When website developers debug a styling issue, we often ask ourselves (several times, in a tone of increasingly frustrated disbelief): Why is it doing that?
It’s ultimately very satisfying when the problem is solved with a better understanding of CSS specifications. You figure it out; you bank the knowledge for next time; you move on with your day. But that day’s going to get a whole lot worse if the problem is browser implementation. You can’t move that mountain. You have to hack your way around it or retreat to something that works cross-browser.
To anticipate “doesn’t look right in [insert browser name here]” feedback, one of the first sites I bookmarked when learning front-end development was caniuse.com. It’s like a Google search specific to browser support for a feature. Consider the results for CSS Subgrid:
The feature works in some stable browsers, but not all. Can I use this feature in production? Not really. If there’s a decorative enhancement possible for Safari and Firefox users, sure. But if fundamental layout positioning will create a poor experience for all Chrome and Edge users, forget about it.
I can’t force people who want to visit my site to do so with a specific browser. Aside from being something they may not have control over (if they’re on a library computer, for example), it goes against the ethical principle that the Web is multi-browser, multi-OS and multi-device. Generally speaking, websites need to work for everyone, on everything.
That makes cross-browser inconsistencies a huge headache for website developers, leaving us a limited toolset to work with. Browser vendors are well aware of this. As of 2021, they decided to publicly work together to do something about it. Compat 2021 involved 5 focus areas and was successful enough that Interop 2022 expanded to 15 focus areas. Last week saw the announcement of Interop 2023, which combined a few carry-overs and several new additions to make a total of 26 focus areas.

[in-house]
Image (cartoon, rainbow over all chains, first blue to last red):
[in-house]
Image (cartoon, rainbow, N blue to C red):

What does this mean for browser developers?
Well, it undoubtedly makes their job harder. They have agreed to spend time discussing with their competitors what features would most benefit users and pursuing shared priorities in developing those features to a reliable standard. These decisions are time-consuming and inevitably involve compromise. But, the hope is this collaboration will make their work more effective. Providing support for features no one uses is depressing. This alignment should encourage greater application of new features.
What does this mean for website developers?
Let’s take another look at that Subgrid support.
Firefox was the first to release support in December 2019. Then nothing much happened for two years. Two years! When Interop 2022 named Subgrid as a focus area, Safari released support in September of that same year. The Chromium bug is now very active and Edge announced it would be shipping support early 2023. This is fantastic progress and far from an isolated example.
Quite frankly, I’ve been amazed at how often I’ve looked at caniuse.com over the past year and seen uniform support across the major browsers*. Can I use aspect-ratio? Yes. Dynamic viewport units? Yes. Cascade layers? Yes.
Combining user-first thinking with public collaboration for impactful results makes CSS Interop truly awesome**. A huge thanks to all those who develop browsers and participate in these discussions. The Web is a better place because of you.
Can I help?
If you are a developer, like myself, wondering how you might contribute to the awesomeness, here are a few thoughts:
- Participate in the next State of CSS survey to help identify pain points
- File browser bugs (and star existing ones) to record implementation issues
- Write web compat tests to measure the focus area progress
- Use the new stuff to show it matters! (Providing sensible fallbacks where appropriate, of course)
Official Interop 2023 Announcements:
* IE, officially out-of-support as of June 15, 2022, is no longer a safe browser option. It should still receive basic consideration as there will be a long tail of people using this browser (or IE Mode on Edge) for a variety of reasons, but newer builds can focus on the actively developing browsers.
** To be completely accurate, Interop extends beyond CSS. It considers HTML, JS, and Web APIs as well.